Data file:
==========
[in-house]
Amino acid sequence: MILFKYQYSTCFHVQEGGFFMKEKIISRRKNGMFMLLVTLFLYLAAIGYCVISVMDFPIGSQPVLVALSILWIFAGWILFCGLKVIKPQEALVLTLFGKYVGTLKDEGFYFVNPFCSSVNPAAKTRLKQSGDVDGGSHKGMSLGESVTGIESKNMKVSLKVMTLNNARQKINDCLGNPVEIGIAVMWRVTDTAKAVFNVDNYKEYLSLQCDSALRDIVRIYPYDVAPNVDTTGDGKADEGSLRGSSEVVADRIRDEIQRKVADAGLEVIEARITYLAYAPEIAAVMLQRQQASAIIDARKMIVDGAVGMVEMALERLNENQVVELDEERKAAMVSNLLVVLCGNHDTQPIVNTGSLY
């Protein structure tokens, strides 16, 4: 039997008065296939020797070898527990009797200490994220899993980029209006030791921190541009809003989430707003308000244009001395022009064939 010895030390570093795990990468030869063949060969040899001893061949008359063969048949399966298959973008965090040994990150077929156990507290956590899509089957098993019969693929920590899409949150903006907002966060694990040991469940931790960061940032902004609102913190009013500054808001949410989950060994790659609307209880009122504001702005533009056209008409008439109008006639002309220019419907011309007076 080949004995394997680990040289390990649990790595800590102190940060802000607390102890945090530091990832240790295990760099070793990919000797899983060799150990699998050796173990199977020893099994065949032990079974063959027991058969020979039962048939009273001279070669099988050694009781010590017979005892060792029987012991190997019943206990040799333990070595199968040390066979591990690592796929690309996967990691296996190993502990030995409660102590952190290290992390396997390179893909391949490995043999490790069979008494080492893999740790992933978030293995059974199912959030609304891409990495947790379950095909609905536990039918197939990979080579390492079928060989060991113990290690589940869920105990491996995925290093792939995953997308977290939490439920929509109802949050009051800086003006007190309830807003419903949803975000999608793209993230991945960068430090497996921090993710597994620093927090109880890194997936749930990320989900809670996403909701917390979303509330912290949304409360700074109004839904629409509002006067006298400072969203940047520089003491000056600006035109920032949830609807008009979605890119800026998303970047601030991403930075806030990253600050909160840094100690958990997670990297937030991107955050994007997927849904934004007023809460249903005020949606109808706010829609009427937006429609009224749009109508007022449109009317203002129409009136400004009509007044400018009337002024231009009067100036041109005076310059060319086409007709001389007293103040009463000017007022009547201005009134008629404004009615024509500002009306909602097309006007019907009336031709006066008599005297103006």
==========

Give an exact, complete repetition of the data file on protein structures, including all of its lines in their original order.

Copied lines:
[in-house]
Amino acid sequence: MILFKYQYSTCFHVQEGGFFMKEKIISRRKNGMFMLLVTLFLYLAAIGYCVISVMDFPIGSQPVLVALSILWIFAGWILFCGLKVIKPQEALVLTLFGKYVGTLKDEGFYFVNPFCSSVNPAAKTRLKQSGDVDGGSHKGMSLGESVTGIESKNMKVSLKVMTLNNARQKINDCLGNPVEIGIAVMWRVTDTAKAVFNVDNYKEYLSLQCDSALRDIVRIYPYDVAPNVDTTGDGKADEGSLRGSSEVVADRIRDEIQRKVADAGLEVIEARITYLAYAPEIAAVMLQRQQASAIIDARKMIVDGAVGMVEMALERLNENQVVELDEERKAAMVSNLLVVLCGNHDTQPIVNTGSLY
């Protein structure tokens, strides 16, 4: 039997008065296939020797070898527990009797200490994220899993980029209006030791921190541009809003989430707003308000244009001395022009064939 010895030390570093795990990468030869063949060969040899001893061949008359063969048949399966298959973008965090040994990150077929156990507290956590899509089957098993019969693929920590899409949150903006907002966060694990040991469940931790960061940032902004609102913190009013500054808001949410989950060994790659609307209880009122504001702005533009056209008409008439109008006639002309220019419907011309007076 080949004995394997680990040289390990649990790595800590102190940060802000607390102890945090530091990832240790295990760099070793990919000797899983060799150990699998050796173990199977020893099994065949032990079974063959027991058969020979039962048939009273001279070669099988050694009781010590017979005892060792029987012991190997019943206990040799333990070595199968040390066979591990690592796929690309996967990691296996190993502990030995409660102590952190290290992390396997390179893909391949490995043999490790069979008494080492893999740790992933978030293995059974199912959030609304891409990495947790379950095909609905536990039918197939990979080579390492079928060989060991113990290690589940869920105990491996995925290093792939995953997308977290939490439920929509109802949050009051800086003006007190309830807003419903949803975000999608793209993230991945960068430090497996921090993710597994620093927090109880890194997936749930990320989900809670996403909701917390979303509330912290949304409360700074109004839904629409509002006067006298400072969203940047520089003491000056600006035109920032949830609807008009979605890119800026998303970047601030991403930075806030990253600050909160840094100690958990997670990297937030991107955050994007997927849904934004007023809460249903005020949606109808706010829609009427937006429609009224749009109508007022449109009317203002129409009136400004009509007044400018009337002024231009009067100036041109005076310059060319086409007709001389007293103040009463000017007022009547201005009134008629404004009615024509500002009306909602097309006007019907009336031709006066008599005297103006």